benj gerdes

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Credit Where Credit is Due

Customized personal check project with series of inkjet prints and photocopies, 2003-2005.

After the U.S. launched war on Iraq in March of 2003, I generated a “custom” series of checks in order to pay monthly credit card, health insurance, and utility bills.  These bore legitimate routing and checking account numbers and were recognized as authentic by my back.  The project began as an attempt to confront three related situations: 1) The prevalence of American flags and similar logos on numerous commercial and financial products following 9/11 and in the build-up to the Iraq War, especially credit cards and personal checks, and the relative unavailability of any designs not affirming U.S. Foreign Policy;  2) My existing personal financial relationships, albeit on a very small scale, to corporate interests frequently identified as war profiteers;  3) My inability to communicate with the workforces of such institutions on the level which I dealt with them: bill payment, correspondence, etc., due to the spatial arrangement of the present global financial credit industry.  Pertaining to the first topic, the project was an attempt to envision a subculture of customization that might come closer to interpellating me as a subject.

The checks were generated in a word-processing program, printed by inkjet printer, and mailed in the provided envelopes along with a letter addressing the recipient.  This second form of address operated through an assumption that a human hand might be forced to intervene in a mechanized finanacial transaction.  Without fail, the smaller the business the more likely the checks were cashed in a timely fashion. Citibank, unlike other businesses who rejected and returned my checks, refused to acknowledge receipt of any form of payment for almost six months.  Rather than generate any sort of correspondence, the project led to severe penalty fees on a Citibank credit card account (never forgiven), a fraud investigation of me by AT&T Wireless, and Kaiser Permanente’s termination of my health insurance as well as my girlfriend’s (later reinstated).  The only writing from the other end was the handwriting on the outside of envelopes rejecting the checks for a series of false rationales: improper routing number, not drawn on US funds, not made out to the proper payee, etc.  This is the result of such a project: not the generation of direct responses to the political provocation of my check designs, but one action among many where bureaucratic rationales bury dissent through a series of disingenuous substitutions.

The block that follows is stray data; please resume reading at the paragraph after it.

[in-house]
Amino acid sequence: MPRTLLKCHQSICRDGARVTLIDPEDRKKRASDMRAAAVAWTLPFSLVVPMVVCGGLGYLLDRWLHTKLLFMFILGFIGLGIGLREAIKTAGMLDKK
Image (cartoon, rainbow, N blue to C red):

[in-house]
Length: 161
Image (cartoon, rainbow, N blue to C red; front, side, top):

The presentation for this project includes enlargements of any materials returned to me via mail.

Initial exhibition: “A Knock at the Door” Curated by Seth Cameron, LMCC/South Street Seaport Museum and Cooper Union Gallery, 2005.


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Credit Where Credit is Due | 2005 | projects